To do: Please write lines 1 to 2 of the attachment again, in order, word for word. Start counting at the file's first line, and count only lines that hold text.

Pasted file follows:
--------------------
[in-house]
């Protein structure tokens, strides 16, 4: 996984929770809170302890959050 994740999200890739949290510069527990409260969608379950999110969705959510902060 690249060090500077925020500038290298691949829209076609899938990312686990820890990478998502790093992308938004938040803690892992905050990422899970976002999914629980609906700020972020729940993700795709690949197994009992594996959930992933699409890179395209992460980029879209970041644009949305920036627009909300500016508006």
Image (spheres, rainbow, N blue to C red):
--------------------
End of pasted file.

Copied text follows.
[in-house]
């Protein structure tokens, strides 16, 4: 996984929770809170302890959050 994740999200890739949290510069527990409260969608379950999110969705959510902060 690249060090500077925020500038290298691949829209076609899938990312686990820890990478998502790093992308938004938040803690892992905050990422899970976002999914629980609906700020972020729940993700795709690949197994009992594996959930992933699409890179395209992460980029879209970041644009949305920036627009909300500016508006």